Mr. Chair, thank appreciate the opportunity to rise on this very important issue. Before I start, I would to acknowledge the tragic events that have occurred in Florida and extend my thoughts and the thoughts of everyone in the chamber to the people of Florida.
On this important issue, Canada can and must do better when it comes to indigenous peoples, especially with respect to the criminal justice system.
The events of the past week have occurred not in a vacuum, but in the context of a strained relationship over generations between indigenous people and the justice system, a system that has often been used to control and even deny the basic rights of indigenous peoples.
For indigenous peoples in Canada, the numbers tell a disturbing story. Indigenous people are overrepresented in Canada's criminal justice system as both victims and offenders, while simultaneously being under-represented as actors within that system. The rate of violent victimization of indigenous people is more than double that of non-indigenous peoples and is particularly concerning when it comes to indigenous females. Shockingly, indigenous people are seven times more likely to be murdered than non-indigenous people.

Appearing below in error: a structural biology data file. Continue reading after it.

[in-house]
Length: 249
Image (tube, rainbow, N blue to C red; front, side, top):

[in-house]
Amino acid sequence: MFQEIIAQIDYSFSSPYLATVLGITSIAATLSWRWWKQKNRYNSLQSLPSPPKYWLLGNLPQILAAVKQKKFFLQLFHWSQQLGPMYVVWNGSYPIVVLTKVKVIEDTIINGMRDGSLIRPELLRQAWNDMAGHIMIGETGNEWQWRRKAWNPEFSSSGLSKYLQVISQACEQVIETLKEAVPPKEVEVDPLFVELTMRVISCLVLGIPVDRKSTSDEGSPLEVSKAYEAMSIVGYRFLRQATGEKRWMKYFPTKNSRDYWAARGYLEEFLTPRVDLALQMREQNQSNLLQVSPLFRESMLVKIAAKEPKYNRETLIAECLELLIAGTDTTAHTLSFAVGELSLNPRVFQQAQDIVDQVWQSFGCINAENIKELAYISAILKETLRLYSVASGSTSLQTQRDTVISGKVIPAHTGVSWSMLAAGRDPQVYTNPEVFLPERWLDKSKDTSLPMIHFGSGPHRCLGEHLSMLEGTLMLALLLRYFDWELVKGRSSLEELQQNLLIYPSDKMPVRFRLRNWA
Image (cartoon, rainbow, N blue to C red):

The causes are many, rooted in the colonial legacy. This includes intergenerational effects of violence and sexual abuse at residential schools, which has resulted in poverty, isolation, and social exclusion.
The Inquiry into missing and murdered indigenous women and girls continues its work in seeking out the underlying causes that contribute to the violence and sexual abuse that indigenous women and girls are experiencing. No doubt its recommendations will be very helpful.
In the meantime, however, we must look at all available options to address the disproportionate victimization and incarceration of indigenous people if we truly can achieve and will achieve reconciliation.
The figures of indigenous overrepresentation as accused and in our prisons are just as alarming. Indigenous adults account for 27% of admissions to custody, while only 4.1% of the adult population. The numbers are even worse for indigenous females.